By Lindsay Steele
The Catholic Messenger
IOWA CITY — A half-dozen pro-choice activists lined the street outside St. Wenceslaus Church Oct. 23, protesting a pro-life workshop taking place there.
One conference attendee, Michael Keefer, peacefully approached the group and struck up a conversation — he was told they were there to promote a woman’s right to choose. They considered it “payback” for the constant pro-life presence outside Emma Goldman Center in Iowa City, which performs abortions. Keefer expressed to the pro-choice group that he was simply attending the pro-life conference as a newlywed hoping to learn more about Natural Family Planning.
Another workshop attendee offered pro-life educational DVDs and invited the protesters to come in and learn more, though the protesters chose to stay outside in the rain.
Observing the scene, speaker Jamie Rathjen said to 50-plus people in the church gathering space, “They probably think they know what we’re talking about, but they have no idea. If they knew, they’d probably think twice about what they’re trying to promote.” She believes a basic difference in understanding of when life begins is the main source of disagreement between pro-choice and pro-life groups.
The daylong workshop featured presentations from Theology of the Body experts, Natural Family Planning practitioners and doctors, each focusing on the scientific analysis of the chemistry of sex, fertility and relationships.
Speakers discussed what they believe to be the risks of hormonal birth control, which include potential health risks in some individuals as well as a potential to change how women process men’s pheromones. Speakers cited statistics showing that the prevalence of birth control pills does not seem to be reducing the abortion rate as commonly thought; 50 percent of women seeking abortions reported that they were on birth control when they got pregnant. The speakers said they believe that hormonal birth control, especially IUDs, have the potential to act as abortifacients.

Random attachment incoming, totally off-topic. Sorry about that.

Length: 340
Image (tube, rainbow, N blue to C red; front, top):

Workshop participant Shirley Heefner, a staff nurse at pro-life Informed Choices in Iowa City, said she was happy to learn more about the downsides of hormonal contraceptives, as it is a topic that often comes up in her practice. “I didn’t just want to tell patients that birth control (can be harmful). I wanted to be able to tell them why.”
Later, attendees learned about different forms of Natural Family Planning, how it has advanced from the early days of the somewhat unreliable Rhythm/Calendar Method, and its effectiveness in spacing pregnancies and determining menstrual cycle abnormalities.
The unexpected presence of the protesters sparked a discussion inside the walls of the church about how to lovingly promote pro-life values with people of a different mindset.
“If we want people to respect life, we have to engage them in a respectful way and meet them where they are at,” said Sheryl Schwager, director of Johnson Country Right to Life and one of the event’s organizers.
Panelist Father Ray Atwood, a priest of the Archdiocese of Dubuque, said asking questions is a great way to engage in an intellectual dialogue. “Ask questions like, ‘How do we know when life begins?’” he suggested. “If you do it with curiosity and respect, asking for advice gives people pride and makes them want to talk.”
Rathjen, a Creighton Model practitioner, said she often gets placed next to organizations like Planned Parenthood at women’s fairs and health fairs, and doesn’t shy away from the opportunity to share what she knows. “I approach it from a health perspective first, that there are people that can’t be on the pill (for health reasons), etc.” She said most of the people she talks to are unaware of how birth control pills affect the body and the natural methods of identifying fertility and infertility. She said people usually appreciate her for sharing the information.
Speaker Vicki Thorn, founder of the Project Rachel post-abortion ministry, said most pro-choice activists have an abortion connection from which they may not have fully healed. “They feel like they have to defend (their choice or that of a loved one). It’s not a moral or philosophical debate. It’s a heart debate. Ask them why they feel so strongly; that will allow room for God’s grace and discussion.”
Speaker Dr. Monica Minjeur said, “You never know when you are planting a seed, when you’re making more of an impact than you thought.”